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About Charles Shaw

Charles Shaw is an award-winning journalist, editor and filmmaker, and the author of the critically-acclaimed memoir Exile Nation: Drugs, Prisons, Politics & Spirituality. He is currently working on a new film called I’m Still Here, a documentary on Trauma and Healing that will be released in 2015.

Articles by Charles Shaw

This week’s front page editor

Rosemary Bechler is a mainsite editor of openDemocracy

Constitutional conventions: best practice

Exile Nation: The Plastic People

The need for a despised underclass of darker-skinned cheap labor has underpinned American prosperity since slavery. A new film looks at the lives of the latest class of disposable “plastic people.” 

RELEASE US: a short film on police brutality

This militarization of the American (and European) police force has created what is being called an "epidemic of police brutality."

The Phoenix Project seeks trauma victims for doc series

A new documentary series that explores the pervasive effect of trauma in our culture has begun development and is seeking prospective participants.

'Secure Communities' still destroying immigrant families

A young activist gets his father released from detention but many more will be deported breaking up families with children born in the US.

"The Plastic People" explores mass-deportation

The recently released trailer for an upcoming documentary set in Tijuana, Mexico by openDemocracy editor Charles Shaw about the mass-deportation of immigrants. 

Drug Policy Alliance's Top Stories of 2012

Some of top stories of 2012 that capture the momentum gained in this extraordinary year of change, which promise to present an exit strategy to the disastrous war on drugs.

The Prison Policy Initiative

The Prison Policy Initiative was founded in 2001 by Peter Wagner. While they are most famous for their work documenting how mass incarceration skews American democracy, they're also demonstrating how mass incarceration impacts everyone, not just those directly involved in the criminal justice system, empowering new voices to help set criminal justice policy.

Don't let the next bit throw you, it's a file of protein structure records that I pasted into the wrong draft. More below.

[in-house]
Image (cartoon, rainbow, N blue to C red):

Fewer Americans behind bars?

For the third straight year, fewer Americans were under "correctional supervision"--a catch-all description that includes prisons, jails, probation, and parole--in 2011.  Do these slight changes in the numbers from year to year indicate major shifts in the American way of punishment?

New pot law in Washington is a buzz kill

Colorado & Washington State recently voted to legalize cannabis. Winston Ross of The Daily Beast takes a practical look at Washington’s new cannabis law.

Private prison company used in drug raids at public high school

A recent "drug sweep" in the central Arizona town of Casa Grande shows the hand of private corrections corporations reaching into the classroom, assisting local law enforcement agencies in drug raids at public schools.

A fresh approach to drugs: the final report of the UK Drug Policy Commission

In this report, UKDPC proposes a radical rethink of how we structure our response to drug problems. It provides an analysis of the evidence for how policies and interventions could be improved, with recommendations for policymakers and practitioners to address the new and established challenges associated with drug use.

"Land of the Free" - The best investigative reporting on U.S. prisons

The U.S. has the highest reported incarceration rate in the world. Pro Publica has just compiled some of the best investigative journalism on U.S. prisons and the problems that plague them.

The Exile Nation Project - Interview with Mary Barr (Pt. II)

Part II of the Exile Nation Project's interview with former crack cocaine addict and prostitute Mary Barr, who now works as a lecturer at John Jay College of Law.

A quiet revolution: drug decriminalisation policies in practice across the globe

The main aim of the report was to look at the existing research on twenty countries to establish whether the adoption of a decriminalised policy led to significant increases in drug use - the simple answer is that it did not. 

How Chicago said yes to pot

The sudden passage of the law is the latest example of the absurdity surrounding marijuana policies and politics—an ongoing saga in which elected officials vow to crack down on a behavior that millions of Americans have engaged in, then giggle at their own jokes about getting stoned and getting the munchies.